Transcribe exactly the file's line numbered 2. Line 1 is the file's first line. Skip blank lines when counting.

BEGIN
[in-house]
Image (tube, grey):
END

Image (tube, grey):